Posted in Personal Injury on January 3, 2018
During any personal injury case in South Carolina, the legal concept of “modified comparative negligence” may arise. This concept deals with the idea that two or more parties share fault for an accident, instead of one party being 100% responsible. Not all states abide by comparative negligence or contributory negligence laws. South Carolina follows a modified version of the standard law, which places a cutoff on how much fault a party can have before losing his or her right to compensation in a Charleston, SC personal injury case. Here’s what to know about this fault law.
There are three main comparative negligence rules that states can use: one is pure comparative negligence and the other two are types of modified comparative negligence laws. States that follow “pure comparative negligence” rules will award a plaintiff compensation regardless of his or her percentage of fault, as long as it’s less than 100%. The courts will reduce the plaintiff’s award by his/her percentage. For example, a plaintiff who is 25% at fault for a car accident would receive $75,000 of a $100,000 verdict.
With pure comparative fault laws, the plaintiff can take home compensation even if the courts find him or her 99% at fault. Modified comparative fault laws place percentage limits on how much fault a plaintiff can share before becoming ineligible for compensation. States can come up with their own percentage limits, but there are two main percentages in use: 50% and 51%. There are variations to this rule according to state-specific laws. South Carolina’s modified comparative negligence law bars a plaintiff from recovery if the court finds him/her 51% or more at fault.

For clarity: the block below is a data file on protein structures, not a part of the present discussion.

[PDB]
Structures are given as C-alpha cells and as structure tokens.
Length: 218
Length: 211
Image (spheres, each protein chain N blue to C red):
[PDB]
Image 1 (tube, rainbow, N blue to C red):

In a case where two or more parties share legal fault for an accident, the courts will divide fault amongst each at-fault party. In South Carolina, the courts must find the plaintiff 50% or less at fault for the accident in question for the plaintiff to qualify for compensation. Fault greater than 50% will bar the plaintiff from recovery. The comparative fault system is good news for plaintiffs who partially contributed to an accident.
Under SC’s modified comparative fault law, a driver who was fiddling with the radio at the time of an accident, while the other driver was intoxicated, would most likely still be eligible for at least partial compensation. As long as fiddling with the radio contributed to the crash less than 51%, the injured party would still be able to recover. The comparative fault system helps prevent situations in which the victim of an accident cannot receive financial recovery for barely contributing to an accident – as is the case in states that follow contributory negligence laws.
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